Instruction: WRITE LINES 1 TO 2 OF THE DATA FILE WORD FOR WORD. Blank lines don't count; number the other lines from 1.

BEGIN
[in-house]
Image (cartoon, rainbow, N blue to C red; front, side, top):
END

[in-house]
Image (cartoon, rainbow, N blue to C red; front, side, top):